How do you solve a problem like China’s excess corn stocks?
Use it to make translucent film for greenhouses is one answer, its most influential agricultural expert said on Monday, as Beijing casts about for ways to rid itself of unwanted stores of corn and other agricultural commodities built up in recent years.
The end of China’s failed minimum price policy for corn has forced a restructuring of the state-owned agricultural industry, caused corn acreage to drop and revived domestic private trading. But it has left the state with piles of grain of deteriorating quality, purchased at above-market prices.
Chen Xiwen, a leading adviser on land reform and rural economy, said corn stocks now stand at 230m tonnes, down from his estimate of 250m tonnes in August.
“With this many reserves, the government needs to think of ways to work through them over the next two to three years. Annual production of corn now is relatively in line with the demand, so the government needs to create new demand to get rid of the reserve,” Mr Chen said. Other proposals include using the excess grain to make ethanol and corn sweetener.
The unwinding of China’s corn and cotton surplus is being closely watched because the Chinese government has not yet relaxed the minimum price policy on rice or wheat. Beijing views those crops as more politically sensitive, as they are directly consumed by humans.
At its peak, 88 per cent of the corn harvested in north-east China and Inner Mongolia — the country’s top producers — was purchased by the government, Han Jun, vice-director of the central rural work leading group, told reporters in Beijing last month. He called the high prices for corn under the policy “unsustainable”.
Already, private online trading platforms have sprung up in agriculture-heavy provinces to take advantage of the renewed ability to arbitrage between regions.
“The removal of the minimum price is allowing the market to work again,” said a senior executive at an international trading firm. “It has unfrozen things.”
But state planners have also flinched as prices drop. Corn export-dependent Jilin province earlier this year ordered the local branch of Sinograin to buy in bulk as it tries to shore up corn to buoy prices ahead of the planting season. It also encouraged companies to relax restrictions on mould content.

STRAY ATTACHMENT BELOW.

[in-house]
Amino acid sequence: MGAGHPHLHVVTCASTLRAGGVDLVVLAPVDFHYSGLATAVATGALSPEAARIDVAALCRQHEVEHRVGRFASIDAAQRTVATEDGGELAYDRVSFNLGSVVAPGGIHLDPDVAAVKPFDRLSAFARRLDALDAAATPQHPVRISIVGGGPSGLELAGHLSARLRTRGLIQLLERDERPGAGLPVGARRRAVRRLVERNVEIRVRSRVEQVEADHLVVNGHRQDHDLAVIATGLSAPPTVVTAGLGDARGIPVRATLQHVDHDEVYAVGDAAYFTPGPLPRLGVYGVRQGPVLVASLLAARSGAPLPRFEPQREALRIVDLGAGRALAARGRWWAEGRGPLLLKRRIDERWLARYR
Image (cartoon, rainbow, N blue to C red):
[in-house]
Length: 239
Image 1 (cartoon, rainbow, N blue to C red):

While the private market revives, Beijing has engineered a series of mergers to cut deadwood from state-owned trading and reserves bureaux whose origins date from the earliest years of Communist rule. It has created three state-owned agriculture champions, removing the traditional distinction between grains and cotton businesses.
In January, China merged its China National Cotton Reserves Corp with China Grain Reserves Corp, or Sinograin, uniting two financially troubled but politically powerful relics of the state-planning era with combined assets of Rmb1.47tn ($213bn).
That merger followed a move by Cofco, the state grains trader that now controls businesses ranging from wine to meat, to absorb Chinatex, originally formed to import cotton on behalf of Chinese textile mills. In the past two years, Cofco purchased international trading firms Nidera and Noble Agri in an attempt to model itself after the US trading groups that dominate international agricultural trade.
The restructuring has been accompanied by a reshuffle among the top leadership of China’s biggest state-owned commodities businesses. Sinograin’s former head Zhao Shuanglian moved to Cofco a year ago, while current Sinograin head Li Jun is a Cofco veteran.
Long-serving Cofco chairman Ning Gaoning, known overseas as Frank Ning, transferred to Sinochem — a seeds, fertiliser, oil and chemicals giant — early last year. Sinochem recently agreed to provide grains storage, rotation and sales services to Sinograin.
Additional reporting by Archie Zhang